By Steve Strode, PQ Monthly
When asked what I love most about my job, the answer is quick and always the same, “the great variety of people I meet!” Sure, the 10PM call when there is midnight contingency deadline is both annoying and usually 100% avoidable if someone hadn’t dropped the ball. But when the deal closes, and anyone needing to be talked off a proverbial ledge is now calm, I can’t envision doing anything else for a career.
We tend to typecast white collar professional gay guys—urban, stylish house, some type of fun car—probably foreign, and the relaxing trips to Palm Springs or Hawaii each winter. I love meeting people who defy these stereotypes and happily chart their own course. Which leads me to this story.
Mark Schmidt and Dan Sapp work at Kaiser Permanente Center for Health Research, and Brian Winner works at Wells Fargo as a Financial Crimes Manager. Mark and Dan met in Michigan about 14 years ago, then moved to Oregon in the past decade. About five years ago they met Brian, and in getting to know each other found their lifestyle values were very much aligned.
Owning a home in North Portland, they developed an interest in farming, and over a period of time an original small garden grew to cover most of the property. Fruit trees were added. And of course, there had to be chickens (sorry, I didn’t ask their names or provenance). The guys began canning vegetables too. The goal really became about growing as much food for themselves as they could in this urban homestead. Neither Mark nor Dan grew up on a farm, but rather the suburbs of Detroit; Brian’s grandma had a 10-acre farm near Cottage Grove on which he used to help occasionally. So it was an evolutionary process for all of them.
About four years ago, by then running out of urban farm space, they decided to pursue this passion further, and began looking for a farm within a 90-minute radius of Portland. After exploring lots of areas, scouring the consumer and foreclosure websites, they honed in on Puget Island and the town of Cathlamet. If you’re like me, I needed a little geography lesson when we all first met; picture the drive from Portland to Astoria and it’s a little more than half-way between the two cities.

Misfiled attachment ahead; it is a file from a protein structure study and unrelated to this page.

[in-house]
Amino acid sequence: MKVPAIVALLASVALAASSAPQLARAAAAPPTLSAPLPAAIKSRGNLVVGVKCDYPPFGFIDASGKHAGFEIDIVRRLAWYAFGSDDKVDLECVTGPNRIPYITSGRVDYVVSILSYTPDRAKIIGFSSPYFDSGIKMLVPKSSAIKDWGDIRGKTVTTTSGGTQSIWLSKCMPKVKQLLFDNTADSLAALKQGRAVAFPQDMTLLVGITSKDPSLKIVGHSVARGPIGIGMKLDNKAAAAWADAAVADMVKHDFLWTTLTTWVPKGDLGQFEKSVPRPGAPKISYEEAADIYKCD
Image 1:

I asked why they chose Cathlamet and it was for totally objective reasons—water rights, close to Portland, but far enough out to be affordable. Imagine Sauvie Island West without the beach. The big unknown was the subjective part. How would a rural community react to three gay dudes buying a farm together? And here was the pleasant surprise—they felt the community itself was very progressive and they met other transplants from Portland, Seattle and the Bay Area. Moreover, Mark, Dan, and Brian were excited by the community of talented artists and professional types, dedicated to agricultural and environmental stewardship, who have all created their own paths to coalesce here. As far as any other LGBT population, they’re still getting settled and getting to know people—having just sold their home in Portland and closed on the farm (called Blue Skies Farm of Puget Island) in the past year. But they were already impressed and have heard great things about the local PFLAG chapter.
When talking about the logistics of the move, we chatted about what else they’d have to consider because of taking this plunge. And here it boiled down to the old adage “don’t quit your day job.” This is a labor of love and a long-term commitment, not a get-rich scheme. Working an established farm is hard; creating a farm is even harder. There are significant barriers for entry into farming—land acquisition, and money for capital expenses such as equipment and greenhouses (hence the desire to sell the Portland home). They’ll keep a small condo in Portland and maintain their careers. But it boils down to envisioning the type of world they want to live in, then doing their part in a little corner of the world to make it so.
Final thoughts from the guys? First, was recalling a unique contingency from the purchase of the farm—requesting that the seller remove four inches of goat poop covering the front porch, which had accumulated while the property sat vacant.
But in a more pleasant memory, Mark recalled when they got their first batch of honey and realized “Wow, we can do this!”
Steve Strode is a broker with Meadows Group in Portland. He serves on the Global Leadership team of the National Association of Realtors, and also learned about sustainable and organic farming practices in Cuba this past Spring. He can be reached at email@example.com.